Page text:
“For I tell you unless your righteousness exceeds that of the scribes and Pharisees, you will never enter the kingdom of heaven.” Matthew 5:20
Righteousness is a concept that has been deeply ingrained in our society. It is often associated with perfection, moral uprightness, and an unwavering commitment to doing what is right. However, the truth about righteousness is much more nuanced than this outward show of perfection. True righteousness is found in the heart. According to Matthew 5:20, Jesus highlights the importance of looking beyond mere appearances regarding righteousness.
The heart of righteousness lies in our intentions and motivations behind our actions. We must seek to do what is right not because it will make us look good or gain us approval from others but because it aligns with our values and beliefs. I understand that righteousness is a term often thrown around by Christians, and some do not know what it means to be righteous. For example, some people believe that once they’re saved, they’re saved forever and can continue living sinful life. However, this view neglects an important scripture in Romans 8:1, which states, “There is therefore now no condemnation for those who are in Christ Jesus.”
Ezekiel 33:12 says, “Therefore, son of man, say to your people:’ The righteousness of the righteous man will not deliver him in the day of his transgression; neither will the wickedness of the wicked man cause him to stumble on the day he turns from his evil. Nor will the righteous man be able to survive by his righteousness on the day he sins.”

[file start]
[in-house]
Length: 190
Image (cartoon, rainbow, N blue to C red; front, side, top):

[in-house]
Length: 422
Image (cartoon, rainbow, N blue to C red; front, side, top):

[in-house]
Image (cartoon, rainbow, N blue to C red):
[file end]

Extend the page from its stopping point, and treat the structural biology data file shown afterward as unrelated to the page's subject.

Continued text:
This verse reveals the heart of righteousness – that it’s not just about being saved from eternal damnation but also about living a holy and blameless life. It’s not enough to profess faith in Jesus without making any effort to follow his teachings or live according to God’s will. True righteousness requires both faith and works. Remember, living a sinful life after being saved raises questions about the sincerity of one’s faith in Christ because the heart of righteousness lies not in the words we say but in the intent behind them.
It is impossible to claim to follow Jesus and continue living a life characterized by sin. 1 John 3:6-7 says, “No one who lives in him keeps on sinning. No one who continues to sin has either seen him or known him.” Of course, it is important to recognize that none of us are perfect and will all fall short sometimes. However, there is a difference between falling into sin occasionally and habitually engaging in sinful behavior without remorse or effort toward repentance. Jesus himself said that we can’t serve two masters; we cannot serve God and our selfish desires. Amen. Galatians 5:24 says, “Those who belong to Christ Jesus have nailed the passions and desires of their sinful nature to his cross and crucified them there.” Amen.
I pray that this devotion shall continuously remind you of living soberly, godly, and righteously in this present world in Jesus’ name. Amen.